Chart watchers have noticed an eerie pattern – the bull market of 1982, which ended in the Black Monday stock market crash of 1987, looks way too much like the current bull market.
The shellacking the markets took last Thursday is the most powerful warning sign we’ve seen yet that things are not what they seem in the financial markets. For lack of a better term, it’s a bearish omen, despite Monday’s recovery.
Margin debt, the amount of money people have borrowed to buy stocks, is not only at a record high – it’s accelerating.
This is a syndicated repost published with the permission of Money Morning. To view original, click here. Opinions herein are not those of the Wall Street…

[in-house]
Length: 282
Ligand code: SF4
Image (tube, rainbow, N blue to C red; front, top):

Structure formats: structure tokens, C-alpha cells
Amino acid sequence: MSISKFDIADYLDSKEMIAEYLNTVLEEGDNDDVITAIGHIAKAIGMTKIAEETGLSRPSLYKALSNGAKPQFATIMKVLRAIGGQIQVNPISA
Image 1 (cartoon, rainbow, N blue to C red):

Many investors are convinced the market is stacked against them. It is…. but not for the reasons you might think. Dismal returns actually have very little to do with super computers, research, insider information or access to the trading floor. The real issue comes down to something very simple – the difference between how individuals and professionals approach stock market volatility. Most investors head for the hills when volatility rises.
Successful traders, on the other hand, embrace it because they know stock market volatility represents an opportunity.